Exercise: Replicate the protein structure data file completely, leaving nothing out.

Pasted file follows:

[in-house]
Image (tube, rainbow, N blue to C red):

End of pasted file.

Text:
[in-house]
Image (tube, rainbow, N blue to C red):